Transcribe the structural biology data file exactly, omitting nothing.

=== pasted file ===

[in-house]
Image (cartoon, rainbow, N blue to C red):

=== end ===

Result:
[in-house]
Image (cartoon, rainbow, N blue to C red):